Pleadings continue to be a popular battleground in the product liability context. Over the years, a body of law has developed respecting motions to strike for negligent design, negligent manufacture and failure to warn claims. Nevertheless, there continues to be debate as to the specificity needed for pleading these types of claims. That debate is fuelled in part by jurisprudence demonstrating a high tolerance for claims that are arguably vague and lacking in material facts. Even where a claim is struck,plaintiffs are routinely permitted to amend their pleading.
The Court of Appeal for Ontario recently added to the jurisprudence on these issues in the Fernandez Leon v Bayer Inc decision. The Court re-iterated the permissive approach to pleadings in the context of whether a specific defect must be pleaded for a product liability claim.
The Motion Decision
The Appellants, Arianna Fernandez Leon and Bolelsaw Brzozowski, brought a product liability claim against Bayer alleging negligence. In a single, bare and conclusory paragraph, the Appellants alleged that the design of Bayer's female contraceptive implant was defective and caused Ms. Leon injury. Bayer brought a motion to strike the claim without leave to amend.
The Motion Judge granted the motion and struck the claim in its entirety, without leave to amend. Bayer submitted that there were no material facts to underpin the constituent elements of a claim in negligence, and in particular that there was no pleading of the specific defect. The Motion Judge agreed and found that the allegations were conclusory in nature, without material facts pleaded to support them. The Motion Judge struck the claim and reiterated that a plaintiff "cannot base their claim on speculation and conjecture and hope that the discovery process will yield the evidence needed to support their claim".
Leave to amend was denied because the Appellants had been previously notified of the deficiencies in their claim and did not rectify them. Permitting the claim to proceed to discovery to allow the Appellants to discover the requisite elements of their claim would only increase the cost of the proceedings and the Motion Judge "fear[ed] the outcome will remain the same".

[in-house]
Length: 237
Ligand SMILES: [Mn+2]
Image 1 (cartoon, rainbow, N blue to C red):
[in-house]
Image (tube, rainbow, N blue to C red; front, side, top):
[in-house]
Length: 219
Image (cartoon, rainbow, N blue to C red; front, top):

The Appellants argued that the Motion Judge erred in failing to grant leave to amend. Prior to the hearing, the Appellants delivered a draft amended Statement of Claim. Bayer took the position that the Statement of Claim still did not disclose a cause of action for negligent design and manufacture because, in reliance on existing jurisprudence, the pleading did not identify the specific design and manufacturing defects.
The Court allowed the appeal and permitted the Appellants to amend the Statement of Claim. In doing so, the Court held that the particulars of a specific defect were not elements of the tort that are "always required" (our emphasis) to be pleaded before the claim discloses a cause of action. The Court distinguished the line of certification decisions dealing with product liability claims in the class action context relied on by Bayer. Notably, although a representative plaintiff is subject to the same pleadings test as an individual action, the Court distinguished these decisions by identifying that certification motions require a representative plaintiff to show some basis in fact for the existence of a defect.
The Court reiterated that the threshold to plead a cause of action was low and found that requiring a plaintiff to identify a "specific manufacturing or design defect in every case would place too onerous a burden on a plaintiff at the stage of initiating a proceeding in a product liability action."
Some will certainly interpret this decision to be a loss for manufacturers on the whole. It is important to emphasize (and the Court did), however, that the decision was, in part, factually driven. The product in this case was an implanted medical device and it was alleged that Bayer stopped selling and distributing the product at some point. For what it is worth, the Court also emphasized that Bayer is free to seek further particulars before it delivers its Statement of Defence.
Notwithstanding this decision, manufacturers will continue to be able to reasonably argue that a pleading is deficient for failing to identify the particular defect in design or manufacturing. Depending on the case, it might just require a bit more work than before.
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